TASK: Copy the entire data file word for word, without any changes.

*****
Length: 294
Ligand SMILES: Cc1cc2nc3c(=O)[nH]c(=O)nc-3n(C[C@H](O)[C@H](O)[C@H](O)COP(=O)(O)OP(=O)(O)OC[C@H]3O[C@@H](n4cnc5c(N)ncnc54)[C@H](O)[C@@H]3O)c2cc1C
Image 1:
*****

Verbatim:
Length: 294
Ligand SMILES: Cc1cc2nc3c(=O)[nH]c(=O)nc-3n(C[C@H](O)[C@H](O)[C@H](O)COP(=O)(O)OP(=O)(O)OC[C@H]3O[C@@H](n4cnc5c(N)ncnc54)[C@H](O)[C@@H]3O)c2cc1C
Image 1: